By: Ben Bartlett and Janice Swanson, Michigan State University Extension
The advantages of low-stress cattle handling include increased profit for dairy and beef
producers. Low-stress cattle handling is easier and safer for people, induces less cattle stress
and injury, and produces a better product with a better public image. The best news is that it’s
free—well, almost free. The only cost of low-stress cattle handling (LSCH) is the time it takes
to learn about cattle and then practice the necessary skills. It is that simple.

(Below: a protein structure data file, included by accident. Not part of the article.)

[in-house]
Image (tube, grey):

Low-stress cattle handling
The secret to LSCH is understanding why cattle act the way they do and then using that
knowledge to "ask" and not force them to do what you want. We also want our facilities to
help us do our work better and not be a barrier. However, even well-designed facilities will not
make up for poor handling skills and a lack of cattle behavior knowledge.